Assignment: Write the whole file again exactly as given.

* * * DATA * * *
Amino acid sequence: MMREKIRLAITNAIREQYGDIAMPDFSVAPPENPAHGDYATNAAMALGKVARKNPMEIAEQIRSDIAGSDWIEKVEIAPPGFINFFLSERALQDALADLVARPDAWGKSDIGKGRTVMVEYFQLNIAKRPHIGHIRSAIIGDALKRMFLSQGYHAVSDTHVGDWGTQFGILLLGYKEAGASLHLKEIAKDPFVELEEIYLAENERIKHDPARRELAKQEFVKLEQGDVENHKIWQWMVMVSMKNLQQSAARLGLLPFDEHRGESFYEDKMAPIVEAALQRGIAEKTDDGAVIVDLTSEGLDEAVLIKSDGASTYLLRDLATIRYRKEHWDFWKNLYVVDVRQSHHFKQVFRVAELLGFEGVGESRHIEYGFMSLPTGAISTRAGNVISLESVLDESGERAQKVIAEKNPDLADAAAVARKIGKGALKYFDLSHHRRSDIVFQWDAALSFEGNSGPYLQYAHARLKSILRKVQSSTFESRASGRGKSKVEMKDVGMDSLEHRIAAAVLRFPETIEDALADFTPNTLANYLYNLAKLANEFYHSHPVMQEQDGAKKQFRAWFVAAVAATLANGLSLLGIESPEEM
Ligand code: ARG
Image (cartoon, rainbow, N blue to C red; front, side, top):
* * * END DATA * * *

Amino acid sequence: MMREKIRLAITNAIREQYGDIAMPDFSVAPPENPAHGDYATNAAMALGKVARKNPMEIAEQIRSDIAGSDWIEKVEIAPPGFINFFLSERALQDALADLVARPDAWGKSDIGKGRTVMVEYFQLNIAKRPHIGHIRSAIIGDALKRMFLSQGYHAVSDTHVGDWGTQFGILLLGYKEAGASLHLKEIAKDPFVELEEIYLAENERIKHDPARRELAKQEFVKLEQGDVENHKIWQWMVMVSMKNLQQSAARLGLLPFDEHRGESFYEDKMAPIVEAALQRGIAEKTDDGAVIVDLTSEGLDEAVLIKSDGASTYLLRDLATIRYRKEHWDFWKNLYVVDVRQSHHFKQVFRVAELLGFEGVGESRHIEYGFMSLPTGAISTRAGNVISLESVLDESGERAQKVIAEKNPDLADAAAVARKIGKGALKYFDLSHHRRSDIVFQWDAALSFEGNSGPYLQYAHARLKSILRKVQSSTFESRASGRGKSKVEMKDVGMDSLEHRIAAAVLRFPETIEDALADFTPNTLANYLYNLAKLANEFYHSHPVMQEQDGAKKQFRAWFVAAVAATLANGLSLLGIESPEEM
Ligand code: ARG
Image (cartoon, rainbow, N blue to C red; front, side, top):